The Museum of Mayan Culture is, in many ways, innovative. It’s ruling axis is the communication and interpretation of ideas and concepts, for which it differs from the traditional museum design models that grant the exhibition of objects the main role. The museum attempts to present the keys that explain the Maya world, its complex cosmogony, the material and spiritual roots of its culture: the Classic period (250–900 AC). The permanent exhibition occupies the building of an old electrical substation whose interior was completely modified, forming a basement and a mezzanine was built. These levels are linked via ramps, bridges and stairs, open, like the mezzanine, towards the main hall, allowing to interlink the diverse aspects of Maya culture.
The route through the exhibition combines obligatory circulation with free movement by visitors, making an experience of great richness and spatial variety, that offers diverse perspectives of a group dominated by three fundamental elements: the jungle, the architecture, and the Maya worldview. This is achieved through the reproduction of a slice of tropical jungle, which crosses the exhibition hall diagonally and vertically, and represents the main environment in which Maya culture developed. In this way the “jungle” is also a constant presence in the museum, which visitors must frequently traverse during their route. The Maya urban and architectural characteristics are presented, among other media, through scale models of the ceremonial centers of important cities and of outstanding buildings in various regions and architectural styles. To explain the concepts of the Maya worldview a three level structure was created, in whose axis a three dimensional interpretation of the sacred ceiba, or tree of life. During their visit, visitors accesses each of the levels that symbolize the underworld, the human world and the world above.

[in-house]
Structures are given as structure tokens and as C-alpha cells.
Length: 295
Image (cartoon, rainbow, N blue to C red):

These and the other themes of the museum are expressed through a wide range of display elements, making an exhibition in which spectacle and the use of technological resources allow for the active participation of the visitor, and are linked to the scientific rigor of the information they present.
Location: Chetumal, Quintana Roo State, Mexico
Client: Government of the State of Quintana Roo
Project Scope: Project and architectural direction of the permanent exhibition building, exhibition design project and realization.
Exhibition area: 1,400 m2
Project director: Jorge Agostoni
Collaborators: Juan Cristian Gutiérrez Maupomé, Marco Barrera Bassols, Teresa Márquez Martínez, Luis Pérez Falconi, Humberto Alcántara Nava, Alejandro Leal Palacios, Margarita Zavala Yáñez, Yliana Martínez Crowther
Three dimensional interpretation of the “Ceiba Sagrada”: Iker Larrauri
Services building architects: Nuño, MacGregor y De Buen, Arquitectos, S.C.